Heat Check

Heat suffers another deflating loss to a lottery-bound team. So what else is new?

The Sacramento Kings' Frank Mason III (10) drives to the basket against the Miami Heat's Tyler Johnson (8) at the Golden 1 Center in Sacramento Calif. on Wednesday, March 14, 2018.
The Sacramento Kings' Frank Mason III (10) drives to the basket against the Miami Heat's Tyler Johnson (8) at the Golden 1 Center in Sacramento Calif. on Wednesday, March 14, 2018. TNS

Five takeaways from the Heat’s 123-119 overtime loss to the Sacramento Kings on Wednesday night:

1. Miami lost its ninth straight road game and the season series to the lottery-bound Kings for the first time since 2002.

A series of bad losses against lottery teams kept the Heat out of the playoffs last season. It probably won’t this time around because the Detroit Pistons (30-37) trail Miami (36-33) by five games and still have a series of tough road games left to play.

But the bad losses the Heat has racked up this season will likely keep Miami on track for a first round matchup with top seeds Toronto or Boston. Avoiding another ugly loss Wednesday was important. It didn’t happen. Miami remains a half game behind the Bucks for seventh place in the East – even after Milwaukee lost to lottery-bound Orlando earlier on Wednesday. It was a missed opportunity.

The Heat’s record versus the 12 teams in the league currently with losing records is 19-11. That seems good. But that’s really not good enough if you want to be something higher than a No. 7 or No. 8 seed. Miami plays seven of its final 13 games against lottery-bound teams (the Hawks twice, Knicks twice and the Lakers, Bulls and Nets once each) including Friday’s game in Los Angeles.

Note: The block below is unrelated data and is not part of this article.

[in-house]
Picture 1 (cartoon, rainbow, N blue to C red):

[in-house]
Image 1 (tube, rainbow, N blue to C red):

The Lakers crushed the Heat 131-113 last month in Miami.

Goran Dragic
Miami Heat guard Goran Dragic, center, discusses a foul call with referee Haywoode Workman during the first quarter of the team's NBA basketball game against the Sacramento Kings, Wednesday, March 14, 2018, in Sacramento, Calif. At right is Heat guard Wayne Ellington. Rich Pedroncelli AP

2. Goran Dragic was sensational in the Heat’s fourth quarter comeback, but couldn’t get a shot off on a critical possession late as Miami failed to hold onto a 110-106 lead with under a minute to play.

Dragic, who re-entered the game with the Heat down 97-82 with 8:33 to play, scored 15 of his season-high matching 33 points in the fourth quarter including 11 points in a row during a 17-3 Heat run. Miami’s All-Star finished 11 of 21 shooting and was 8 of 9 from three throw line. But with the Heat ahead 110-109 and with the ball, Dragic dribbled down the shot clock and was unable to get a shot off before it expired.

“That play [when the shot clock expired] KO tried to slip the pick and roll on top,” Dragic said. “They defended it well and switched, basically inverted and it was good execution on their part.”

The game eventually went to overtime when De’Aaron Fox hit a running layup as time expired in regulation. But shortly before that, Kelly Olynyk made only one of two free throws with 2.3 seconds to play in regulation, leaving the door open for Fox’s big shot in the lane to tie the score. Needless to say there was a lot of regret in Miami’s locker room afterward.

“I don’t even know what to say,” Dragic said. “We got a lead by four points [110-106] then we gave up a wide open three and Fox made a tough shot at the end. I thought JJ made a good play. They called an offensive foul. It was kind of shaky. We need to start playing sooner. We cannot just turn the switch on and try to come back when we’re down 16 or 12. Then [our] game needs to be perfect. Every possession needs to go your way. Tonight we were not right. We allowed them to score close to 60 points in the first half. That’s too much.”

▪ The Heat, by the way, launched a franchise-record 43 three-point attempts and made a season-high tying 18. Wayne Ellington finished 6 of 17 from three-point range for 22 points. The 17 three-point attempts by Ellington were also a franchise record.

Defense
Sacramento Kings guard Frank Mason III, left, shoots as Miami Heat forward Kelly Olynyk defends during the first quarter of an NBA basketball game Wednesday, March 14, 2018, in Sacramento, Calif. Rich Pedroncelli AP